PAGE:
Uganda’s Chieftaincy of Militarily Intelligence (CMI) recently succumbed to pressure regarding Fidel Gatsinzi, an innocent Rwandan who it has been holding illegally, and dumped him on the Gatuna border post.
Gatsinzi had been subjected to all sorts of torture and appeared crippled. He had spend weeks in brutal conditions but survived to narrate his escape from the jaws of death.
He recalled how he was picked up by Rwanda National Congress (RNC) operatives in the compounds of Capital Shoppers shopping mall that is frequented by hundreds of people and is located adjacent to a police station and a car washing bay. The operatives who included one Mukombozi took him to Rugema Kayumba, the cordinator of RNC operations in Uganda)l, who was seated in his wife’s car, a grey Toyota Harrier, at a close distance. Gatsinzi was bundled into the car and immediately Rugema confiscated his phone, drove him to Kireka at one of CMI’s torture cells.
He was questioned by RNC and CMI agents. After hours of questioning they blindfolded him and drove him to Mbuya military barracks. At Mbuya he found others under gross abuse that he immediately sensed what they were about to do to him.
“I was undressed and chained on the stairway. Next to me was some old man who was also handcuffed on the bar by the stairway. He was in poor health to the extent that at first I thought he was dead.”
Gatsinzi came to know exactly what they had done to that man because the same fate befell him that night, “I was tortured the whole night. The pain was unbearable By morning my whole body was swollen. I was in deep pain and in the same condition as the man who was next to me,” Gatsinzi said.
Gatsinzi asked for painkillers. They laughed at him and launched insults at him, “ I never dared again to ask for painkillers or even to think about them.”
The torture intensified. They brought his phone and started to ask him about the people in his contacts list. “They would read a name from the phone and ask me how I know the person. They would shout the name as they kicked and beat me.”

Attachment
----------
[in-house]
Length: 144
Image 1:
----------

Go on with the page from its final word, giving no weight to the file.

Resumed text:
They would do this till he was swollen all over and they couldn’t find a fresh part of the body to beat. They would take a short break and change tactics.
After exhausting physical torture they would turn to psychological torture.
Some of the psychological torture involved preparing him for death. They would drag his beat-up body out of the cell and take him to a secret location in the middle of the night. “One night they held a knife on my throat. Another night they did something similar.”
“Everyone must confess”:
He thought things could not get any worse but they did. This was after he was moved to Mbarara in another CMI torture chamber:
“It’s literally a slaughter house. No one gets out alive. And if they do so, they can never be the same. Inside Mbarara cells, if a prisoner doesn’t drop to the ground fast enough, a guard kicks him or stomps on his back. There’s a high-pitched scream from prisoners who are crying helplessly in pain night and day. They are bleeding, with broken bones.” Gatsinzi recalls the horror.
“Men crawl across the floor of the cellblock moving from one place to another looking for hideouts which are not there; they cry for help while the guards stand over them shouting, kicking them,” narrates Gatsinzi.
They are forced to confess everything even things they know nothing about just so that the beating stops even for a short while. “What they want is a confession that they must get out of you at any cost. Every single person there confessed just to stop the pain.”
This is the barbarism that Gatsinzi somehow managed to survive. But this was an innocent man who was in Kampala to visit his son at school. Even worse, the inhumane conditions of torture are carried out by operatives of a government entity (CMI) working with another without any form of accountability (RNC). To imagine that it can happen to any Rwandan in Uganda makes it really terrifying.